Its funny where you can find the nicest carvings. This little volute is in the stairwell of my son’s orthodontist. Beautiful.
A short while ago we went on a family holiday. Family holidays are difficult to design as some of us like hot and sunny and beaches and some of us really don’t like any of that, so we went somewhere hot and sunny and not a beach, in fact about as far from a beach as you can get – Budapest ! It was fabulous, definitely will return some day, but what has that got to do with this blog you might ask. Well, there was some fascinating wood and metalwork dotted around here and there and from time to time I’ll post some once I’ve found the sinc lead for my camera. The kids took this photo for me on their phone. I thought it was a fantastic piece of carving in the Gibbons style, but very careful examination of the image shows it to be the most fabulous metalwork! The site of the original is on the road that runs between the palace and the town hall. Enjoy.
Wow, a whole year has past since the last entry on this series, now that’s what I call ‘occasional’!
OK, so if you recall, I made a big thing about the importance of the jaw-line. Well, now that I have finally taken some photos of the Brest Tiller, I can illustrate the point with the view of the face from under the neck. The image also nicely illustrates the prominence of the nose, and, if you look very carefully, the curve of the forehead is just about visible too.
Things are progressing, slowly, but I am still more-or-less on schedule, having managed to cobble together somewhere near 20 hours carving on the tiller in between and around other work. I know I felt I would leave the rope-work until the whole thing was roughed out but in the end I have concentrated on getting it done and now the ropework is nearing completion; I think about 5 more hours should see it done.
Hopefully you can see that the work is much deeper and more fully rounded. You might also see where I have started some fancy ‘whipping’ on the one end: more of that in a later post. Incidentally the only tool I am using at the moment is a 10mm skew-chisel – the pointed end is essential for getting into the tiny spaces
The tiller is coming along, the pictures say it better than my words – about half the length of the knotwork is roughed out, progress is working out at just over an inch an hour – so 12 more hours carving will finish this stage, then I guess about another 15 hours to refine the carving.
The first picture shows the whole length, the spiral roughed out to the left, the pattern marked out and the roughed-out knots in the second, and the third shows the depth of carving the whole length will be carved to eventually. The only tools needed are a small chisel and a v-tool (aka parting tool)
things have been a bit crazy recently (excuses, excuses) and I haven’t had time to post anything – most of what I have been commissioned to carve has been surprise gifts and so not things I can blog about, but in between times I have been working on the two side cheeks for my crossbow project, and have also worked on an antler end-plate. I will post an update on the side cheeks soon but for the time being here is the end-plate.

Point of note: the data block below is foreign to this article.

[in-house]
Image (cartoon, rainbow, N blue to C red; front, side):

This piece measures a little over 2 inches tall by 1 inch wide and represents archangel Michael slaying the Devil – I have no idea what the end plate would have been carved to represent so I have followed the theme of archangel Michael from the antler plate under the fore-grip (see earlier post). It is equally possible there was no end-plate, or that it carried a floral motif, or that it carried a prayer – these are all elements used on the original crossbow. Any comment?
OK, well, for anyone that might be interested, this is how my second carving in stag-horn (antler) is coming along – the bulk of the carving, to all intents and purposes is finished, except for some sharpening up here and there, which I am leaving until it is mounted in a cross-bow – at current rate of progress that will be this time next year…. Oh, it will need some kind of antique-effect wax to help pick-out the details and slow down moisture movement too So, for your delectation I present archangel Michael as based on the carving on the underside of the Ulrich crossbow attributed to Heinrich Heid von Winterthur (probably Swiss, active Stuttgart, recorded 1453–1460) held in the Metropolitan Museum of Art). The carving measures 2cm by 21cm and is a maximum of 1mm deep, but perhaps most interestingly (to some), I strongly believe the ‘crosslet’ in the diamond at the base has been mis-identified, and is in fact satan carved as a dragon – if you look at the hd image on its strongest magnification ( http://www.metmuseum.org/collection/the-collection-online/search/21940) you can just about make out a mouth and a head – you will need to select additional images. Although badly worn, an image of satan in the underworld with the earth represented by oak leaves and archangel michael guarding the way to Heaven makes sense (at least to me). I am very grateful too, for the work by Dirk Breiding (Met Museum publication The Crossbow of Count Ulrich V of Wurttemberg, Met Museum Jounal, vol 44, 2009) in which he points out the scales containing the penitent and the tower, and the demon pulling at the scales, all of which would have been extremely difficult to identify without his work. Only one carving tool was used for this, a small skew chisel using the point as a scraper.